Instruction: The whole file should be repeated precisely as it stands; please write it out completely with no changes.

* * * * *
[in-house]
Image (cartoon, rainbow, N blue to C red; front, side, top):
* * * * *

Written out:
[in-house]
Image (cartoon, rainbow, N blue to C red; front, side, top):